Have you heard that sleep is important for your brain?
Are they a waste of time when it comes to improving your brain health?
If sleep is cut short, the body doesn’t have time to complete all of the phases needed for muscle repair, memory consolidation and release of hormones regulating growth and appetite. Then we wake up less prepared to concentrate, make decisions, or engage fully in school and social activities.
In recent years, we have learned the exact structure of waste product that build up in Alzheimer’s disease. The breakdown of the brain’s automatic clearance system may be the cause of neurodegenerative (nerve degeneration) disorders such as Alzheimer’s, Parkinson’s, and Huntington’s disease, in addition to ALS (Lou Gehrig’s) and chronic traumatic encephalopathy (brain damage after head trauma).
There appears to be a toxic buildup that tracks with the disease progression. They have weird names like beta-amyloid and tau protein. Of course, there are drugs being developed to stop their production, but more interesting to me is the recent discovery about sleep in an article by the Nat’l Institute of Health(2).
“Beta-amyloid disappeared faster in mice brains when the mice were asleep, suggesting sleep normally clears toxic molecules from the brain.” You have heard of the cardiovascular system for blood and perhaps even the lymphatic system for body cell debris, but now there is the “glymphatic system” that cleans waste and toxins from the brain cells. This was discovered by researchers at the University of Rochester Medical Center in New York(3). They found as the brain’s cells “shrink” during sleep – by as much as 60 percent, this brain-cleaning system is 10-times more active.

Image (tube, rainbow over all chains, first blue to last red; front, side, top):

Maybe lack of sleep is why teenagers appear to have brain damage. 😉
The research was only done in mice, so we can’t be positive this happens in humans, but it seems logical and likely.
But seriously, the action step to take from this is, “We need sleep. It cleans up the brain,” said Dr. Nedergaard, the lead researcher.
8-10 hours per night is a good range for almost everyone. If you regularly need more, you are likely sick, nutrient-deficient, toxic, or have a fatigued adrenal gland.
This seems a good place to discuss naps and sleep’s effect on learning. So, do you think naps are good, bad, neutral?
John Medina, in a very good book called Brain Rules (4), shares great insights to how sleep affects us.
- A NASA study showed that a 26-minute nap improved pilots’ performance by 34%
- another study showed a 45-min nap improved brain function for 6 hours
A recent study(5) showed that, after learning something new, children retain 14-25% better after sleeping overnight than they do during the same time of being awake during the day.
And, finally, recent research showed(6) that: “…the more complex and elaborate the information to be learned, the more likely sleep will be required for consolidation.”
- – Nat’l Sleep Foundation – http://sleepfoundation.org/how-sleep-works/what-happens-when-you-sleep
- – Nat’l Institute of Hlth article on sleep.: http://www.nih.gov/news/health/oct2013/ninds-17.htm
- – Glymphatic system: https://www.urmc.rochester.edu/labs/nedergaard-lab/projects/glymphatic_system
- – Brain Rules: http://www.amazon.com/Brain-Rules-Principles-Surviving-Thriving/dp/0979777747
- – Children learninig study: http://www.ncbi.nlm.nih.gov/pubmed/24329882
- – Recent sleep & learning research: http://saramednick.com/htmls/pdfs/MednickINSOM04%5B8%5D.pdf